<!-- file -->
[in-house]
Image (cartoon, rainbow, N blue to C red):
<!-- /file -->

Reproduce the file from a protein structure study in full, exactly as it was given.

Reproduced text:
[in-house]
Image (cartoon, rainbow, N blue to C red):